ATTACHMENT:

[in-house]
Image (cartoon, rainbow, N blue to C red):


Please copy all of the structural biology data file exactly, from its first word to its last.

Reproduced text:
[in-house]
Image (cartoon, rainbow, N blue to C red):